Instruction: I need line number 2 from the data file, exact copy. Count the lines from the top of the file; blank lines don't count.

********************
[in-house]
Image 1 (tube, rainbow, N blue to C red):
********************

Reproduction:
Image 1 (tube, rainbow, N blue to C red):